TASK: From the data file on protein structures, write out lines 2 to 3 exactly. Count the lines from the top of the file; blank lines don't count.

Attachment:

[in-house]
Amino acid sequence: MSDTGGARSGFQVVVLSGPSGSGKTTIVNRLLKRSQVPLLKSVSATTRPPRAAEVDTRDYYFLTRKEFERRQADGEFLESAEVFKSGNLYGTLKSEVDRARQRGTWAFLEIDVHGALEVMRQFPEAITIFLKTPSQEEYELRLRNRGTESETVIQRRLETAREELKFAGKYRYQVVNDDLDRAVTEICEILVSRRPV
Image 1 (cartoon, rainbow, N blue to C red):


Amino acid sequence: MSDTGGARSGFQVVVLSGPSGSGKTTIVNRLLKRSQVPLLKSVSATTRPPRAAEVDTRDYYFLTRKEFERRQADGEFLESAEVFKSGNLYGTLKSEVDRARQRGTWAFLEIDVHGALEVMRQFPEAITIFLKTPSQEEYELRLRNRGTESETVIQRRLETAREELKFAGKYRYQVVNDDLDRAVTEICEILVSRRPV
Image 1 (cartoon, rainbow, N blue to C red):